Friday, January 9, 2009

Roasted Garlic

The smell of garlic cooking in a kitchen. It's hard not to like it. It can be sharp, spicy, savory, creamy, or sweet and one can find a way to incorporate it into almost anything. Because garlic burns and becomes bitter when you cook it for more than a minute or two at high temperatures (like on a stovetop), my favorite way to make it is by roasting it at a low temperature for a long time. Cooking it like this brings out its buttery sweet flavor and it tuns soft, which means it'll practically melt when you use it.


1-3 heads of roasted garlic
1-2 tbsp olive oil per head of garlic
kosher salt

Preheat your oven to 375. Lay the head of garlic on it's side and slice across the top so that all the little cloves are now exposed. If the skin is still covering some of the outer cloves, you can pull it off with you fingers or carefully cut them open with a knife. In a small casserole dish, lay a piece of aluminum foil (about twice the length of the dish) and place the heads of garlic in the center. Drizzle the olive oil over the heads on the exposed cloves. The oil keeps the cloves from drying out while cooking. Sprinkle the heads with a little kosher salt and then close the foil over the heads. I pinch the top so that I can easily peek in the little packet and see how they're doing. Put the casserole dish in the oven and set a timer for 45 minutes. Check the garlic at 45 minutes. Open the foil packet and poke the larger cloves gently with a fork. If its done, it'll be really soft and light caramel in color. If its not, drizzle a little more oil, close the foil, and put back in the oven for another 10 minutes. Let cool and then squeeze the cloves out of the skins. Your hands will get a little greasy but they should pop out pretty easily. Grab yourself a hunk of crusty bread, spread and enjoy. It'll stay good in the fridge for a 7-10 days and freezes well.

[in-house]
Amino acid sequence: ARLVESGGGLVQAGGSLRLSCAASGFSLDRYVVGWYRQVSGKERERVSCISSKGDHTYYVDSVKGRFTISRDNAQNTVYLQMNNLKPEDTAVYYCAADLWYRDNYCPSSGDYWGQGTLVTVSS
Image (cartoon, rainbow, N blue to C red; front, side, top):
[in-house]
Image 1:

Some of my favorite ways to use roasted garlic:
1) Top with olive oil and salt and spread onto crusty bread. It'll spread better than butter.
2) Cook some pasta. Cook a few ripe tomatoes on the stove for 3-4 minutes. Mash 1 or 2 heads with a fork, then whisk into a 1/2 cup of reserved pasta cooking water. Pour the garlic water and cooked tomatoes onto the pasta. Season with salt, pepper and fresh basil.
3) Use alone or mix with a little mayo for a sandwich spread (awesome with veggie paninis and turkey with gruyere and tomatoes).
4) Stir into soups.
5) Add to creamy sauces like alfredo, hollandaise, bearnaise etc.

All text and photographs © 2008, 2009 Food is to love / Andrea Quigley